What traditional rites of passage (ROPs), contemporary outdoor education (OE) programs, and Western educational systems share in common is an approach to teaching and learning that is focused on specific, predetermined learning outcomes for individuals. This paper outlines the process of designing and implementing an ROP curriculum for a wilderness summer camp that was informed by theories in emergent design, intersectional feminism, and experiential education and focused on campers’ self-determining desired outcomes. The anecdote circle data collection method created a space for these insights to be shared in a way that ensured their authenticity and reduced facilitator/researcher influence in the outcomes. The resulting themes of the data collected during the anecdote circle illustrate that campers derive significant personal meaning from an ROP wilderness experience. Campers shared experiencing a connection to nature, sense of freedom from time and space and freedom of expression, an appreciation for slowness and simple living, quality sleep and what contributes to that, vulnerability, awareness of resource privilege, presence, their understanding of trees as a marker for nature, and feelings of sadness and anticipation for the challenges of maintaining this perspective after re-entry into their everyday lives. Findings of this study showed that in the absence of specific predetermined learning outcomes, campers derived significant personal meaning from their experiences. These results indicate that the establishment of predetermined outcomes may have little influence on the success of a transformational learning experience.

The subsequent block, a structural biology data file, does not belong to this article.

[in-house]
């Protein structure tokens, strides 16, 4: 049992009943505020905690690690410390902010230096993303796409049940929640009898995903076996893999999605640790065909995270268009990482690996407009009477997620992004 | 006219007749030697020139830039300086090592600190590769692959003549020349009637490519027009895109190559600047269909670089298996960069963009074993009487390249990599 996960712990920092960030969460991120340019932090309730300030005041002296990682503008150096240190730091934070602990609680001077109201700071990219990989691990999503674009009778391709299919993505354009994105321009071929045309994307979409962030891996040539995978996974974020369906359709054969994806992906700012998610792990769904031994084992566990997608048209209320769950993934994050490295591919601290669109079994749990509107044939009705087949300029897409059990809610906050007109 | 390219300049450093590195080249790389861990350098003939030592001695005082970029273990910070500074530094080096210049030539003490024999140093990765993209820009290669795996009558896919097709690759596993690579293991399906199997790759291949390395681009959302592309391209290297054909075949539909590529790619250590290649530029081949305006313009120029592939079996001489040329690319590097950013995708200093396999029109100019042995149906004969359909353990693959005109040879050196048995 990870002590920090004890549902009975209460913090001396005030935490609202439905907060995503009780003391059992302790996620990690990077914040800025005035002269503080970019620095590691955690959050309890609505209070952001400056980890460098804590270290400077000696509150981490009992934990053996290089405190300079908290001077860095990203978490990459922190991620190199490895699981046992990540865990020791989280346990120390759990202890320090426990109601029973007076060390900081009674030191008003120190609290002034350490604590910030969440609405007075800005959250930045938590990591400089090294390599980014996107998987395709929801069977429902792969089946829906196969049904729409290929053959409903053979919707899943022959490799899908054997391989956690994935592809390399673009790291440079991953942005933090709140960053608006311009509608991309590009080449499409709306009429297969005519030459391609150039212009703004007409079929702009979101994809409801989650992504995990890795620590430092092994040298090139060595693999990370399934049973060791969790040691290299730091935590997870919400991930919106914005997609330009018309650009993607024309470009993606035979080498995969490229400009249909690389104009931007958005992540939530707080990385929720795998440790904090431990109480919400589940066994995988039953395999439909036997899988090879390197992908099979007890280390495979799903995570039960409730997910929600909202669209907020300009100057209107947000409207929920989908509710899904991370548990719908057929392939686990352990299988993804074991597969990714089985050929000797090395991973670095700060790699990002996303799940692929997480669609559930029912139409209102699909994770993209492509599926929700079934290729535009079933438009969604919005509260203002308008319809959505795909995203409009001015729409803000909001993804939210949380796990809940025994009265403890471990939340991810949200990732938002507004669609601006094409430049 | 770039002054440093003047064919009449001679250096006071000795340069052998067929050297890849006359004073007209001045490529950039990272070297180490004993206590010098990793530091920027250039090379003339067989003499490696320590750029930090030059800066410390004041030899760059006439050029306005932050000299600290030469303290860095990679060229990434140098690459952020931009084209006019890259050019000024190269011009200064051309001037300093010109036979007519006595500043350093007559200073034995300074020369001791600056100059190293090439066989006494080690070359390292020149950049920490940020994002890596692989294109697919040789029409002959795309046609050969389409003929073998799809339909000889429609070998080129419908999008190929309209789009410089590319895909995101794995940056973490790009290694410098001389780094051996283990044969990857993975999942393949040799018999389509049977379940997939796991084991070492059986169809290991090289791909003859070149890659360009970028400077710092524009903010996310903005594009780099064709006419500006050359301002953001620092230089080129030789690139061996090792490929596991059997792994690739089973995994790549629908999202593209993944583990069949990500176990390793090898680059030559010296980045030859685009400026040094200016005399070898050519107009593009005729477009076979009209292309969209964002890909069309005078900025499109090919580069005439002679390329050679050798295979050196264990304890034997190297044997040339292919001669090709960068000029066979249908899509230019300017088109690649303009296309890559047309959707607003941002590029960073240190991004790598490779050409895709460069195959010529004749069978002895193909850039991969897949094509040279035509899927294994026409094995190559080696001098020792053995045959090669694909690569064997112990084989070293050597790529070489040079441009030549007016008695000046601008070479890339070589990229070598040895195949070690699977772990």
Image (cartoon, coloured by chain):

|Commitee:||Wapotich, Lorene, Mitten, Denise|
|School Location:||United States -- Arizona|
|Source:||MAI 82/3(E), Masters Abstracts International|
|Subjects:||Curriculum development, Education, Cultural anthropology|
|Keywords:||Cultural appropriation, Curriculum design, Emergent design, Experiential education, Intersectional feminism, Rite of passage|
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